May 31, 2018 12:23 PM PDT

Dr. David Gordon studies HIV. In Life/Science, a new mini-series produced in collaboration with the UCSF Quantitative Biosciences Institute, we're giving you a peek behind the curtain. This isn't just a series about science, it's also about the process, about what it actually means to do this kind of research - including the confusion, failures, and triumphs David has faced along the way.

Life/Science will be updated monthly, so make sure to tune in next month for Episode 2: Methods! We'll take a deep dive into the experiments David used to figure out how HIV hijacks human cells for its own nefarious purposes.

If you like what you hear, leave us a comment or review! We'd love to hear from you. Music featured in this episode comes from Podington Bear.

April 30, 2018 08:47 PM PDT

Pharmaceutical drugs for cognitive disorders are poorly targeted and can have adverse side effects. Could playing video games be an alternative therapy? We speak with Dr. Adam Gazzaley about his work on training the brains of patients using video games, and the effects on this training on their lives outside the game.

March 30, 2018 10:00 AM PDT

Let's talk about sex, baby. Wait, minus the baby. This month, we interviewed a science historian and a current provider, as well as our friends and family, to learn about the scientific and cultural factors that shape contraceptive use in the US.

March 01, 2018 01:33 AM PST

Forming strong social relationships with others is critical to our mental health and well-being. But what happens when our ability to form these vital connections is impaired? In this episode, Dr. Josh Woolley explores the social deficits in patients with Schizophrenia, and how oxytocin may hold the key to developing a better treatment.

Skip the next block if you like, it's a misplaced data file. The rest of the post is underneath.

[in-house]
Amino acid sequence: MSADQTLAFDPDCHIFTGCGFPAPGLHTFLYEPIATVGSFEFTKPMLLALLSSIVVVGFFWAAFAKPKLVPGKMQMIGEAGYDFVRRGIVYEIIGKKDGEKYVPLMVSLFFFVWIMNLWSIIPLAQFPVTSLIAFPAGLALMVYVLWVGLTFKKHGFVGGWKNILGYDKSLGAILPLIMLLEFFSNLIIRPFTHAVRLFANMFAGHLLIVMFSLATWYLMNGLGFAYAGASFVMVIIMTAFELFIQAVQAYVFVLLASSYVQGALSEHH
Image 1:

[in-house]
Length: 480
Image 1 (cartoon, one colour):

January 22, 2018 10:03 AM PST

If you could swallow a pill that would give you twenty extra years of healthy life, would you do it? In this episode of CTOR, we talk to Dr. Dena Dubal, a neurologist and neuroscientist at UCSF. Her research on a protein discovered completely by accident may hold the key to living longer, healthier lives more resilient to heart disease, Alzheimer’s disease, and dementia.

How is that possible? Listen to this month’s CTOR episode to find out!

December 06, 2017 09:37 PM PST

Have you ever wondered what’s going on in a musician’s head while they improvise? In our latest episode, Dr. Charles Limb gives us a window to peer into the process of creativity as it happens: scanning the brains of jazz musicians and rappers as they improvise. Tune in to learn what brain processes allow creative thought, why creativity matters, and whether or not you might compose the next great rock ballad.

October 31, 2017 10:14 AM PDT

The world’s data are stored on millions of computers, or servers, that take up buildings’ worth of space and consume about as much electricity as France. How do we keep up with the increasing amount of data that we are generating? In this episode, we talk to bioinformatician Dina Zielinski about her unexpected solution: storing digital data on DNA.